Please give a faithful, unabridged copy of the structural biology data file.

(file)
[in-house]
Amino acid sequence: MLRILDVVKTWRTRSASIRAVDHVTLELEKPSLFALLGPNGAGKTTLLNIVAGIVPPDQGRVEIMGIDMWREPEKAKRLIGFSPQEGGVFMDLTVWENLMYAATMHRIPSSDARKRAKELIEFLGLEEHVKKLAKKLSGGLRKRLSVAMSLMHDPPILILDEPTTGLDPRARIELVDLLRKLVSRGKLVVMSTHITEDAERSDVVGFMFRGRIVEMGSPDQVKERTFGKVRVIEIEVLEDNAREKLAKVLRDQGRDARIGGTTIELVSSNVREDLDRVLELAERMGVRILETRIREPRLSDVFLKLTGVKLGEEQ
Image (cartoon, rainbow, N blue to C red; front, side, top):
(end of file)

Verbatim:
[in-house]
Amino acid sequence: MLRILDVVKTWRTRSASIRAVDHVTLELEKPSLFALLGPNGAGKTTLLNIVAGIVPPDQGRVEIMGIDMWREPEKAKRLIGFSPQEGGVFMDLTVWENLMYAATMHRIPSSDARKRAKELIEFLGLEEHVKKLAKKLSGGLRKRLSVAMSLMHDPPILILDEPTTGLDPRARIELVDLLRKLVSRGKLVVMSTHITEDAERSDVVGFMFRGRIVEMGSPDQVKERTFGKVRVIEIEVLEDNAREKLAKVLRDQGRDARIGGTTIELVSSNVREDLDRVLELAERMGVRILETRIREPRLSDVFLKLTGVKLGEEQ
Image (cartoon, rainbow, N blue to C red; front, side, top):